One of the most significant internal improvements made during this time was the railroad. The legal conflicts that arose between the canal companies and railroads is also represented in the materials relating to the Chesapeake and Ohio Canal. These materials specifically deal with the legal conflict's between the Chesapeake and Ohio Canal and the Baltimore and Ohio Railroad. The development and construction of the railroads is also represented in the materials documenting the Baltimore and Ohio Railroad, the Baltimore and Drum Point Railroad, the Northern Adirondack Railroad, the Western Maryland Railroad, the Mexican National Railroad, the Colorado Midlands Railroad, and the Columbia Railroad.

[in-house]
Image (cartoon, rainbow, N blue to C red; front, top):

The collection also demonstrates the spirit of innovation and invention that was prevalent in the engineering field in the nineteenth century. Joseph Gies writes, "...one of the distinctive characteristics of the great nineteenth century engineering adventurers was their readiness to gamble on the translation of theory into practice" (7). In this quote, he is speaking of the civil engineer Dewitt Clinton Haskins and a project that truly encapsulates engineering invention in the nineteenth century, the Hudson River Tunnel. Responding to the increase in the population of the City of New York in the late nineteenth century from sixty thousand to three and a half million, the Hudson River Tunnel was originally devised as a way to alleviate traffic and to transport train passengers directly across the Hudson River (8). Beginning with records dating from 1881 to 1901, the Hutton papers can be used to document not only the advances in engineering during this time but also the costs of progress. Haskins' initial efforts to build the tunnel using submerged air pressurized caissons were marked by failure and in some cases fatalities. Workers on the tunnel often suffered from what came to be known as "caisson disease" or "the bends," caused by the immense forces of compression and decompression experienced while working in the tunnels (9). This problem was so prevalent that as construction progressed the rate of worker deaths caused by "the bends" rose to twenty-five percent (10). Materials in the collection document worker complaints and deaths resulting from this disease as well as providing a technical record of the construction of the tunnel. The highlight of the materials relating to the Hudson River Tunnel is an album that contains photographs of workers in the tunnel and a detailed daily report of the construction progress on the tunnel that was maintained by Hutton's assistant, Walton Aims. The first hand account in these reports provides insight not only into the construction of the tunnel, but also the problems encountered.